Note:  Do not rely on this information. It is very old.

Tasso, Torquato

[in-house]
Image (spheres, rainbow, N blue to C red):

Tasso, TORQUATO (1544-95), the last great poet of Italy, was born at Sorrento. He was educated by his father, Bernardo Tasso, and afterwards studied law at Padua, but devoted most of his time to the composition of his narrative poem Rinaldo (1562). In 1565 he entered the service of Cardinal Luigi d'Este, who took him to the castle of his brother, Alfonso II., Duke of Ferrara. After visiting France with the Cardinal in 1570, he transferred his services to Alfonso, and in 1573 published Aminta, a pastoral play of much lyrical beauty intended for representation at the ducal court. His religious epic La Gerusalemme Liberata, one of the great poems of the world, in which romantic episodes are deftly interwoven with the facts of history, was completed in 1574. His health now began to give way, and in 1577, owing to his strange delusions and want of self-control, he was placed in a Franciscan convent at Ferrara. It was formerly believed that his madness - if madness it was - resulted from a hopeless passion for the duke's sister, the Princess Leonora, but of this there is no evidence, and the truth probably is that his sensitive and irritable nature was unable to bear the jealousy of courtiers, the strain of composition, and the fatuous advice offered by his pedantic critics. He soon escaped from his confinement, and after a brief return in 1578, during which he consented to submit to medical treatment, he made his way through Mantua, Padua, Venice, Urbino, and Lombardy to the Duke of Savoy at Turin. In 1579, on the occasion of the duke's third marriage, he again returned to Ferrara. but his conduct was so violent that he was imprisoned in the madhouse of St. Anna, where he remained for seven years. His release in 1586 was due to the intercession of the Duke of Mantua. After a brief sojourn at his court, he passed the remainder of his life in aimless wanderings through Italy, dying at Rome when he was about to receive the laurel crown from Pope Clement VIII.